Both my job and my family were suffering as a result and my husband and I once again searched for alternatives, which included another look at Botox. 

Interestingly, it had just been approved for inclusion on the (Australian) Pharmaceutical Benefits Scheme (the PBS), which made it slightly more affordable. With precious little choice open to me, I finally gave in and booked an appointment.

The 31 needles in my head, neck and shoulders were pretty painful, but I got through it by listening to a guided meditation. While I still had to pay for most of the neurologist session, I got just over a third back on the cost of the actual Botox. 

The next couple of days I suffered on as usual, but by Day 6 my head was sparingly clear. Since then I've had periods of up to 12 days (unthinkable!) without any kind of migraine - or tension headache, which I also used to be plagued with. 

My life changed completely. I had time to do things, see people, get work done on time, dare to plan things. Extraordinary.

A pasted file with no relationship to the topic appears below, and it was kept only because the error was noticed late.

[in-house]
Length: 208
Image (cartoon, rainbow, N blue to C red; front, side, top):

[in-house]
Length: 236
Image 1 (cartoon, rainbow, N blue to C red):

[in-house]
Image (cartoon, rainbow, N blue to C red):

And no side-effects (other than a slightly smoother forehead!). About 6-7 weeks after the treatment the migraines gradually started to come back and now (9 weeks on) I'm getting them almost as frequently as before. Nothing like as intensely though. 

Both the neurologist and my local doctor assure me it's normal to have to go through this wearing-off period and that I'm not alone. They also say that the more treatments you have, the longer the effect lasts. 

So I am still extremely hopeful. Can't wait for the next treatment - and for the migraine freedom I know will follow. I feel the need to shout about it from the rooftops as if it can help me, it can help others too. They say it works for people getting migraines at least half the time, so I guess it's not for everyone. Always worth asking though. 

Financially, it's expensive at first but I've taken way less (expensive!) medication, needed way fewer massage and acupuncture sessions - and gained days and days of time! We reckon it's probably costing less than if I hadn't had the treatment.